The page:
But it was not the end. By playing in the summer leagues, I was able to work my way up to a chance to go to a pre-season camp with Cleveland, Memphis or Phoenix. This provided me with a fighting chance to receive a last-minute contract.
But when the offer finally came, I chose to decline.
Honestly, I was already skeptical. At a time when nothing was certain, it just seemed like a waste of time during which I would miss out on good offers from European teams. It wasn’t just about money, but also about good teams and my position on them.
I know I should have given the NBA more time, but the only thing I had in my career at that moment was a feeling of great frustration. I also had a lot of debt; $35,000 in total for the insurance policy I chose because of my fear of getting injured mid-season. If something were to happen to me and I wouldn’t be able to continue playing basketball, I would have received CZK 1.5 million (approx. $75,000) from which I would be able to pay off my debt and still have something left over to start my new life. It made sense to me at the time.
But now I needed to start paying it back.
That doesn't change the fact that I should have had more patience with the NBA. I was very close, knocking on the league’s door and it was opening. Yet, it didn't open the way I wanted. I had a script in my head that I would go directly to the NBA. Boom. Through a draft or a good summer league, not that I would crawl my way in through a test camp with a non-guaranteed contract. I couldn’t accept that.
Still, I should have kept trying and persevered. I could always return to Europe and not let go of the chance that was still ahead of me. But no one could tell me what to do back then. There was no mentor to give me advice on how best to proceed. The decision was up to me and I made it. I took an opportunity in Bologna, an Italian team from the Euro League full of big names. I wasn’t picky, I chose the best team I was offered.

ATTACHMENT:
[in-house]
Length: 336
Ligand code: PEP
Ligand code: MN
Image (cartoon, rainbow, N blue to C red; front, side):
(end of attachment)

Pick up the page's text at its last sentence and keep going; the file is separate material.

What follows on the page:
Honestly, I was pleasantly surprised by the local level. It wasn’t until later when I found out how things worked in the Italian League that I chose to move and play in Spain. It was there that I enjoyed the most wonderful years of my career. I played my best in Badalona, but from a team perspective, we always came in just short of the top. Then I crossed the river to Barcelona, where I really started winning games.
It's not just about the trophies. The point is to be a true winner, which is a skill one must learn.
Once you are a champion, you have more responsibility. When you aren’t doing well, you should already know exactly what to do to make it work. You’re also confident, because you know you’ve been in similar positions before. You had to go through certain hardships on the way up, so you’re not going to fail now. You know that when something goes wrong, you can fix it. You know that if you don't fix it, you won't win.
People say that in order to win, you first need to learn how to lose. I prefer learning how to win, so you can learn the meaning of losing. First, you must learn what it’s like to be at the top, then make it your standard. If you fail to meet this new standard, then you know you have something to work on.
You must never learn to lose. You have to learn how to deal with defeat and learn from that experience.
This whole process is much harder in team sports. Fortunately, by then I had reached an age where I could have a positive impact on my teammates. This is where my true self began to take form in terms of communication with others and my reputation in the world of basketball. I was able to be strict when everyone was dangerously relaxed, and on the contrary, make a joke as soon as I saw that the others were beginning to worry. I would break the tension with a joke about myself or even the coach. Just a little something to raise morale.
If there are more such players on a team — players who are able to manage these feelings correctly — the coach’s job becomes much easier. It's up to him to correct the small things. Sometimes, he can call for a lighter practice, or at other times require tactical drills, but he doesn’t have to be strict. The players are already emotionally and mentally connected. The worst are the teams that never stop working. This training style is inefficient.